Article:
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Broadband speed.


johnmw 17 53 United Kingdom
28 Nov 2010 11:37AM
My BT. internet connection speed is ridiculously slow typically 512kb I am thinking of changing to Talk Talk any comments would be helpful.
Coleslaw 15 13.4k 28 Wales
28 Nov 2010 11:41AM
I would say: Dont!
User_Removed 12 1.4k England
28 Nov 2010 11:45AM
It won't make any difference, other than in your pocket.
User_Removed 14 485 13 England
28 Nov 2010 11:59AM
i have no experience of ADSL broadband, as i am on cable, but i have never heard anything good about Talk Talk. Yet again last week they made a star apperance on BBCs Watchdog. Everything i have hear of Talk Talk is negative. I agree with Cole, Avoid. I disagree with Swwils, i think there will be a world of difference in the aggravation catagory alone
justin c 17 5.1k 36 England
28 Nov 2010 12:10PM
Have you considered Virgin Media. I've always found their speed, reliability and customer service superb.
RogBrown 14 3.1k 10 England
28 Nov 2010 12:17PM
Well, sorry guys, but I've been with TalkTalk for a couple of years & before that, Tiscali, & never had any problems.
MarkBroughton 13 286 1 United Kingdom
28 Nov 2010 12:42PM
I was with Tiscali for years with no problems, but this year they cut my unlimited broadband to capped, and increased my monthly bill so i moved over to sky, for a full tv, broadband and phone package, I did what I needed to with Tiscali/Talk Talk with regards to cancelling and told them why, and they billed me nearly 300 for cancelling my 12 month contract that started in about 2006. Just a good job I cancelled the direct debit or they would have took it. It took a few weeks of me arguing with them and threatening with reporting them to make them cancel the charge. Would never use them again for their sly tactics of trying to get money out of a loyal customer who was with them before broadband even existed, i was on dial up with them in the early days. Not worth the grief in my eyes, choose someone else.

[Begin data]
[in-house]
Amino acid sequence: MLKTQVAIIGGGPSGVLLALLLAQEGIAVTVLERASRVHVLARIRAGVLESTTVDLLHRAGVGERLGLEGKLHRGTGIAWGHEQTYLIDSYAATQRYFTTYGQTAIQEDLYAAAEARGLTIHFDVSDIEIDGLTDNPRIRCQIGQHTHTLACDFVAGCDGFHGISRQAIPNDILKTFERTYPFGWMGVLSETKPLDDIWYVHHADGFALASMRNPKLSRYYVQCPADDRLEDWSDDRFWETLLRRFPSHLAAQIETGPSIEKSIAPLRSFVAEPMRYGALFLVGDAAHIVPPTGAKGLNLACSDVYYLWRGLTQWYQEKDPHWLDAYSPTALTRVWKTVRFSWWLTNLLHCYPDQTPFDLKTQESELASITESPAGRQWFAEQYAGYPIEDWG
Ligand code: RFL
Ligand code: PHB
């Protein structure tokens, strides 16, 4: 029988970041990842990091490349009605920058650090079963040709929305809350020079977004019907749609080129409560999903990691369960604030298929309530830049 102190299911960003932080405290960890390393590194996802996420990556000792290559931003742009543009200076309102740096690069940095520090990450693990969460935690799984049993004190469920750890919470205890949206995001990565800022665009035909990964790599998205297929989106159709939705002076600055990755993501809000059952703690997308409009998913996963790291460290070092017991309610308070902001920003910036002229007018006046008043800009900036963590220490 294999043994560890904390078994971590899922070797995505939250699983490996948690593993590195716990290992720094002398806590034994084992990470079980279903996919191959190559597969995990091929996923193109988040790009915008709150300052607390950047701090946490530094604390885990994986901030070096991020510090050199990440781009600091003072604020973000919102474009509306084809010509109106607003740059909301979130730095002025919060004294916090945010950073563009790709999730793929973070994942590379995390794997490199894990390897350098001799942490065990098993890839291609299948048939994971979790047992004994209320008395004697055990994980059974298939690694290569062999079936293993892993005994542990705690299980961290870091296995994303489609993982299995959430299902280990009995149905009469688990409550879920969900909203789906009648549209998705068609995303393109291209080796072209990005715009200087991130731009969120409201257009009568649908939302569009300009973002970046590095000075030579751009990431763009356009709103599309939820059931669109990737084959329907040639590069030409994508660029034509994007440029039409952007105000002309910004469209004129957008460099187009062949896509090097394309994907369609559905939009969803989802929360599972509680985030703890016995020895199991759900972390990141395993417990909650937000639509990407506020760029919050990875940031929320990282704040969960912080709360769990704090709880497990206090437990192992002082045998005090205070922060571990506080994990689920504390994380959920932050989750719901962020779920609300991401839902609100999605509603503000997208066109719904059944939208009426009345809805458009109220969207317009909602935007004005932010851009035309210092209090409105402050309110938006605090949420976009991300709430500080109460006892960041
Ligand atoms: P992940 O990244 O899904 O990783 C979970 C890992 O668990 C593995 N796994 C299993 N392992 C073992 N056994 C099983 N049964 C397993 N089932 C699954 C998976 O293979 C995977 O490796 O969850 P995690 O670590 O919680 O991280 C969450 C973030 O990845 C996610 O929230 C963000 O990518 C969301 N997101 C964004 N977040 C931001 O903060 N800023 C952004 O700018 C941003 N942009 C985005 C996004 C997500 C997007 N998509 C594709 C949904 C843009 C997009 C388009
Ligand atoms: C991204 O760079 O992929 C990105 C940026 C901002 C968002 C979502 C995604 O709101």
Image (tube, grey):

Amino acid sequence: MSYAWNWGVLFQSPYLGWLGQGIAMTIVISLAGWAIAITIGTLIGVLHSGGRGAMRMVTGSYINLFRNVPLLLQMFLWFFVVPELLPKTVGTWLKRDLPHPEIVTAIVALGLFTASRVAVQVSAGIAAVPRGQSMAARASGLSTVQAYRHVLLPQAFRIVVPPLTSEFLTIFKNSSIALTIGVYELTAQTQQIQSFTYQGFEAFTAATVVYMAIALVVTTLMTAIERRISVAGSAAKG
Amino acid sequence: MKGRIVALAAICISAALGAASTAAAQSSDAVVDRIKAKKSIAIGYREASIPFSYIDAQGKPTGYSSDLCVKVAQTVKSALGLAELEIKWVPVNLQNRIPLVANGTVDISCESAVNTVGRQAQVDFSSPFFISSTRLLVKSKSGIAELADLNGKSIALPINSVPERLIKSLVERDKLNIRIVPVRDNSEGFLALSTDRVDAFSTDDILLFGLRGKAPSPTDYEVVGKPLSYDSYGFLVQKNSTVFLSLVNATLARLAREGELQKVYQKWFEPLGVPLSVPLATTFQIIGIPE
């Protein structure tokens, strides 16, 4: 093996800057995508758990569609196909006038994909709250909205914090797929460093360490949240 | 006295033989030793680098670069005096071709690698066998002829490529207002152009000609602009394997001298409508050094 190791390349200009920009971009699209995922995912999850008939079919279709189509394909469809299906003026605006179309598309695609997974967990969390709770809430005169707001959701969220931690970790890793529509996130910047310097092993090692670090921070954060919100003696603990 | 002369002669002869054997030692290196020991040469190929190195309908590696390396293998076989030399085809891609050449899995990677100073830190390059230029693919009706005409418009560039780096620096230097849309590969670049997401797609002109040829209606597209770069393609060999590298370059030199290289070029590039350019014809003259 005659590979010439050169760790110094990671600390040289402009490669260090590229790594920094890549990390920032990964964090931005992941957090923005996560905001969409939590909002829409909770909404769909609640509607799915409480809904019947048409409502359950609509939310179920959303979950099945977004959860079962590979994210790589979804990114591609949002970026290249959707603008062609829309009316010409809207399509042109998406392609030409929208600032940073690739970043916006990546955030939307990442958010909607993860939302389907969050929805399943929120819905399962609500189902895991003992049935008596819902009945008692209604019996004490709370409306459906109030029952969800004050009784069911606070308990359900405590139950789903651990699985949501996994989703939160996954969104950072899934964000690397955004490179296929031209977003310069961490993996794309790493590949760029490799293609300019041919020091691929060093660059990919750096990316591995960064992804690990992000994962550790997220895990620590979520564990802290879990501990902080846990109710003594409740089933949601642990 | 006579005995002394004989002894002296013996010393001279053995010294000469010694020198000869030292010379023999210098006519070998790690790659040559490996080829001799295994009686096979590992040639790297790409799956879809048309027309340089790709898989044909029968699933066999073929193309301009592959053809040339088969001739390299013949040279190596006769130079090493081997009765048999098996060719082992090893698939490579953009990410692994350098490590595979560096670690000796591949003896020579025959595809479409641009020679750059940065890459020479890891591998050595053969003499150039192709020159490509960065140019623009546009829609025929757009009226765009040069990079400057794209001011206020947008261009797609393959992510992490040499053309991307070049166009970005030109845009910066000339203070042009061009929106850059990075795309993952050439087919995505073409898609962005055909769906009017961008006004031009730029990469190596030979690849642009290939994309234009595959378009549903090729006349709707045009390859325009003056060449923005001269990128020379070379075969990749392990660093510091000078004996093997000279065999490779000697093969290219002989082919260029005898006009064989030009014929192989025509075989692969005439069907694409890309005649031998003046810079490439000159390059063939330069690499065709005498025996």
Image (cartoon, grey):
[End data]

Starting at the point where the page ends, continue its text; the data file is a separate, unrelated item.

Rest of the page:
going_digital 10 204 England
28 Nov 2010 1:03PM
The first thing to do is determine what the source of the slow speed is, as you could easily switch providers and find no difference in speed. I would suggest taking the following action ...

Tests

1. Look at connection stats.

The first thing to do is to look at the connection information that will give you information about your line conditions and the actual speed that you are connected to the local exchange at. Assuming you are using an ADSL Router (not USB modem) then there will be some sort of admin interface, usually accessed using your web browser. In the routers admin pages you should find a section that shows you line stats that will list things like... Line attenuation, SNR Margin & Sync Speed. These figures will help understand the line conditions and indicate if there is any scope for improvement, post the figures here and I'll give you an idea of what they mean. The main one is the Sync speed, if for example the sync speed shows 800Kb then your 512k is probably about right but if it says 2000kb then it would imply that your connection is capable of higher speeds but your ISP is the bottle neck.

2. Master Socket Test
A significant amount of performance degradation is often caused by wiring/equipment installed in your house, it is not unusual for half of the possible bandwidth available on a line to be lost due to poor extension wiring, faulty equipment (looking at you sky boxes!) or bad filters. Most people will have a BT master socket that has a test socket in the back, the master socket is the first socket positioned where the wire from the street enters your house. The master socket should have The old T (Telecom) logo, BT Piper Logo or BT Openreach logo on it, and have a removable section on the front looking like this.
btmaster.jpg

Remove the two screws and the bottom half of the faceplate should come away from the box revealing a socket in the back. Plug a microfilter in to the test socket and connect your router and a phone to it. Now look at the stats again on your router and see if the sync speed has increased, in many cases you will see a significant improvement because you have disconnected all of your extensions by removing the faceplate.

Remedy

If you see an improvement with the above tests then you have a number of options...

1. Leave it like it.
Although probably not ideal for most, if you don't actually use your telephone extensions for anything then just leave them disconnected and use DECT cordless phones.

2. Fit a filtered faceplate